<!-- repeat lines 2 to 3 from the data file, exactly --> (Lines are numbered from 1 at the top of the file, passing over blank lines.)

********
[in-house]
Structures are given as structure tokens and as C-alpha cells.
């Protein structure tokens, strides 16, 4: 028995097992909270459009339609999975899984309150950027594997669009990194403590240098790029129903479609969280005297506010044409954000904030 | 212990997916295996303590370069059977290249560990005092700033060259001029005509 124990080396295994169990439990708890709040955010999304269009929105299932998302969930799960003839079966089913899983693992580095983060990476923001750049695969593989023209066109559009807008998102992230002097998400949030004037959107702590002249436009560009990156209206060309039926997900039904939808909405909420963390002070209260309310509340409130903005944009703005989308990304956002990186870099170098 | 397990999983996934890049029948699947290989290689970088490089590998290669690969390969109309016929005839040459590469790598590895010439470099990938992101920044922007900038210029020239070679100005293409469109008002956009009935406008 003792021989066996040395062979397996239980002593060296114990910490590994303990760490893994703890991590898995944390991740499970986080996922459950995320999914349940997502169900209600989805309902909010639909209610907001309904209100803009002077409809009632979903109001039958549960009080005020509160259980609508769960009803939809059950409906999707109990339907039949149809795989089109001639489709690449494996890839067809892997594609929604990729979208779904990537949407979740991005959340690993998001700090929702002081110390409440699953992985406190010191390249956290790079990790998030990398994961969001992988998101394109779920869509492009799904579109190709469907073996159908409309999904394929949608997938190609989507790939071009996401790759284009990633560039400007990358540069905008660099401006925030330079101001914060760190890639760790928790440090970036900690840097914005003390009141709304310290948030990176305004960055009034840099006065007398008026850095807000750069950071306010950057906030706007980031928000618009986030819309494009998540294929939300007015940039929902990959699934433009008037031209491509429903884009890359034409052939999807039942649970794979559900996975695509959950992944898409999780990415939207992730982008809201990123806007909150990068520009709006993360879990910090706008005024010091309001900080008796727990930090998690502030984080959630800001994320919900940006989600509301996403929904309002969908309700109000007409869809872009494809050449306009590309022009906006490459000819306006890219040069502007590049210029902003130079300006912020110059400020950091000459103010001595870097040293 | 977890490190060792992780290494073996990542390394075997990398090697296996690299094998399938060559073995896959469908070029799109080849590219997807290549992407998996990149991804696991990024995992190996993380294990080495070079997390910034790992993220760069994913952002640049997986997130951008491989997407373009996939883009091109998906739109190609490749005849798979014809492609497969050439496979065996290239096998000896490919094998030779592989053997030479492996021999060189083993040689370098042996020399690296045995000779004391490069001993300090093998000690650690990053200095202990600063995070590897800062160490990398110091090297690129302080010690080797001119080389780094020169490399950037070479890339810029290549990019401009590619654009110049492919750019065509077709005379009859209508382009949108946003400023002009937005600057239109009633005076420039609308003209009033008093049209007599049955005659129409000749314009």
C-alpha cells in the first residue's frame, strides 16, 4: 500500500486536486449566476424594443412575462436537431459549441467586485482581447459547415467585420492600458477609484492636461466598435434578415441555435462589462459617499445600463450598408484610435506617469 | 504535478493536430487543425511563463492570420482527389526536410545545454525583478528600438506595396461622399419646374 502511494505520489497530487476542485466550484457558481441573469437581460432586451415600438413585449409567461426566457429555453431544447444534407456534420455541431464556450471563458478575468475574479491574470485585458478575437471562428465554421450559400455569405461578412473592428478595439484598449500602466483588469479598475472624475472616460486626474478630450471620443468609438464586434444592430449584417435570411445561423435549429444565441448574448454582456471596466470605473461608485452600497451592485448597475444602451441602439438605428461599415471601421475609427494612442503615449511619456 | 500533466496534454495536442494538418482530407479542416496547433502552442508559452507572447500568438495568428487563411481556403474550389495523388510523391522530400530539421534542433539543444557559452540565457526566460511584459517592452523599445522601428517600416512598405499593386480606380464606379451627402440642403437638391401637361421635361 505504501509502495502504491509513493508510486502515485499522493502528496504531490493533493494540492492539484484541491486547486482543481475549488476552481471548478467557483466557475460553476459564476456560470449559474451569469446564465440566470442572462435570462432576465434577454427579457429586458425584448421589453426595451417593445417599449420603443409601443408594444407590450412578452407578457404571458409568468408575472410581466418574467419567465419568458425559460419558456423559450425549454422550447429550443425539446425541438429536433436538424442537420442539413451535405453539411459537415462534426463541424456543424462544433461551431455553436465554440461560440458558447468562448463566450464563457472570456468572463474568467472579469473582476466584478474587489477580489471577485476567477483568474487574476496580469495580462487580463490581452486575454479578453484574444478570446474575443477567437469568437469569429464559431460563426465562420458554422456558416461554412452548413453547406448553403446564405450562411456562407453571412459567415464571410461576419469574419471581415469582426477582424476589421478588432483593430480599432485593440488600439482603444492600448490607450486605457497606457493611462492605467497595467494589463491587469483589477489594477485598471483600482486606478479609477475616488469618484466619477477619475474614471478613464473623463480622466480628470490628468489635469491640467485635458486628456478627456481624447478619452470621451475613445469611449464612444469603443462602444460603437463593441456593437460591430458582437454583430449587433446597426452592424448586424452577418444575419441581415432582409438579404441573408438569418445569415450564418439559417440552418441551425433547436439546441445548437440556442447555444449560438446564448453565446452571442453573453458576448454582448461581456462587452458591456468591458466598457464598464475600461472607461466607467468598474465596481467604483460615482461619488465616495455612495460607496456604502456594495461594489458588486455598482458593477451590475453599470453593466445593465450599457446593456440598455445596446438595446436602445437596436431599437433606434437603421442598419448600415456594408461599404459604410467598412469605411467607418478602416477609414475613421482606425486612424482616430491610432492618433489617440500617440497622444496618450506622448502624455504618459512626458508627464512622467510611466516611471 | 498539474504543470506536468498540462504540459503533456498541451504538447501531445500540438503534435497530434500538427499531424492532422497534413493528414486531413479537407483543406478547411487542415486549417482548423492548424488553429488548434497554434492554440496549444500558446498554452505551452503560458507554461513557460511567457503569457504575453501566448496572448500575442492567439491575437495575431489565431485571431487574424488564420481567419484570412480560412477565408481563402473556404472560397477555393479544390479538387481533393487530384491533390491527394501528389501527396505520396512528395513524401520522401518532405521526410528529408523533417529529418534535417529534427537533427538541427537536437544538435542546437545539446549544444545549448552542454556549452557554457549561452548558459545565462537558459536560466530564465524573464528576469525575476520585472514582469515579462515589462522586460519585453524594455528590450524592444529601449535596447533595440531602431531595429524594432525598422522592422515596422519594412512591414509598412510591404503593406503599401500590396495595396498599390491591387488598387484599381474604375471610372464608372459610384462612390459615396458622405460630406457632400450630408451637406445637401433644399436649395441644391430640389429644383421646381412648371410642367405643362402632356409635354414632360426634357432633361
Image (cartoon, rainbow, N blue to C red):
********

Structures are given as structure tokens and as C-alpha cells.
């Protein structure tokens, strides 16, 4: 028995097992909270459009339609999975899984309150950027594997669009990194403590240098790029129903479609969280005297506010044409954000904030 | 212990997916295996303590370069059977290249560990005092700033060259001029005509 124990080396295994169990439990708890709040955010999304269009929105299932998302969930799960003839079966089913899983693992580095983060990476923001750049695969593989023209066109559009807008998102992230002097998400949030004037959107702590002249436009560009990156209206060309039926997900039904939808909405909420963390002070209260309310509340409130903005944009703005989308990304956002990186870099170098 | 397990999983996934890049029948699947290989290689970088490089590998290669690969390969109309016929005839040459590469790598590895010439470099990938992101920044922007900038210029020239070679100005293409469109008002956009009935406008 003792021989066996040395062979397996239980002593060296114990910490590994303990760490893994703890991590898995944390991740499970986080996922459950995320999914349940997502169900209600989805309902909010639909209610907001309904209100803009002077409809009632979903109001039958549960009080005020509160259980609508769960009803939809059950409906999707109990339907039949149809795989089109001639489709690449494996890839067809892997594609929604990729979208779904990537949407979740991005959340690993998001700090929702002081110390409440699953992985406190010191390249956290790079990790998030990398994961969001992988998101394109779920869509492009799904579109190709469907073996159908409309999904394929949608997938190609989507790939071009996401790759284009990633560039400007990358540069905008660099401006925030330079101001914060760190890639760790928790440090970036900690840097914005003390009141709304310290948030990176305004960055009034840099006065007398008026850095807000750069950071306010950057906030706007980031928000618009986030819309494009998540294929939300007015940039929902990959699934433009008037031209491509429903884009890359034409052939999807039942649970794979559900996975695509959950992944898409999780990415939207992730982008809201990123806007909150990068520009709006993360879990910090706008005024010091309001900080008796727990930090998690502030984080959630800001994320919900940006989600509301996403929904309002969908309700109000007409869809872009494809050449306009590309022009906006490459000819306006890219040069502007590049210029902003130079300006912020110059400020950091000459103010001595870097040293 | 977890490190060792992780290494073996990542390394075997990398090697296996690299094998399938060559073995896959469908070029799109080849590219997807290549992407998996990149991804696991990024995992190996993380294990080495070079997390910034790992993220760069994913952002640049997986997130951008491989997407373009996939883009091109998906739109190609490749005849798979014809492609497969050439496979065996290239096998000896490919094998030779592989053997030479492996021999060189083993040689370098042996020399690296045995000779004391490069001993300090093998000690650690990053200095202990600063995070590897800062160490990398110091090297690129302080010690080797001119080389780094020169490399950037070479890339810029290549990019401009590619654009110049492919750019065509077709005379009859209508382009949108946003400023002009937005600057239109009633005076420039609308003209009033008093049209007599049955005659129409000749314009």